The New Hampshire Liberty Forum closed Sunday morning but the fun didn’t end until later in the afternoon. Over 350 liberty lovers converged on Concord to learn more about New Hampshire, the Free State Project, and activism already underway to begin to restore freedom in at least one state.
The highlights of the weekend easily were hearing Michael Badnarik and Ron Paul speak. I also was privileged to see John Stossel speak in person, though disappointed to discover that I already knew virtually all of what he was going to say.
I also saw Jim Babka of Downsize DC speak, and his speech, “How New Hampshire can change the federal government forever,” I wasn’t expecting at all.
Downsize DC unites people from all parts of the political spectrum around the idea that government is out of control and should be restrained. Its signature effort is the “Read the Bills Act,” which would require each member of Congress to read, or listen to, the entire text of every bill, before the member can vote yes on it.
What New Hampshire residents can do, Babka said, is to help put pressure on presidential candidates, all of whom pass through New Hampshire first due to its early primaries.
“Buttonhole each of the candidates, and ask them in public, ‘Do you believe Congress should read the bills they pass?'” he said at his speech Friday. “Politicians are not statesmen, not leaders, not men and women of courage. They are men and women looking for a parade to get in front of, so let’s build a parade for the Read the Bills Act.”
Jim Babka was also very helpful in person, and even went so far as to take time out of his schedule to get my Downsize DC password working again after it stopped allowing me to log in. The Downsize DC system makes it simple to contact your members of Congress and tell them how you feel about a variety of big government boondoggles.
“Jim does a fantastic job of keeping up with what Washington is doing to us,” said Free Talk Live radio show host Ian Bernard.
Speaking of Ian Bernard, I ran into Ian and co-host Mark Edge while they did two live shows from the event. The shows, like every other day on Free Talk Live, were full of the energy Ian and Mark always bring to their broadcasts.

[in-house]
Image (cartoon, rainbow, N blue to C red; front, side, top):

I was able to take a few pictures of them doing their show, a fascinating thing to watch.
One of the things that really warmed my heart was seeing people in New Hampshire exercising their rights. Several attendees carried their firearms openly, and many more carried concealed weapons. The conference was easily the safest place in New Hampshire.
Finally, on Sunday, after Ron Paul’s closing speech ended around noon, a group of demonstrators decided it was time to show support for Ron Paul to the rest of the city of Concord. Taking all four corners of the downtown intersection in front of the hotel, some 15 people held up signs in support of Ron Paul, attracting an overwhelming show of support in the form of honks and several people pulling over to express their support or ask for more information on Ron Paul.
I got about 16 good pictures of this demonstration, which follow:
Aside from the above, I thoroughly enjoyed meeting new people and reconnecting with liberty lovers I’d already met the last time I was in New Hampshire. The Liberty Forum showed that the spirit of liberty is alive and well. The next Free State Project event will be PorcFest, held this June. It, too, promises to be a blast.
P.S. I meant to post this yesterday, but I was in such a rush that I forgot to hit the button. Sorry for the delay.